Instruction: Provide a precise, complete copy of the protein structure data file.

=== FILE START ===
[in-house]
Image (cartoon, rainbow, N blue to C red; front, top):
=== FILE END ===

[in-house]
Image (cartoon, rainbow, N blue to C red; front, top):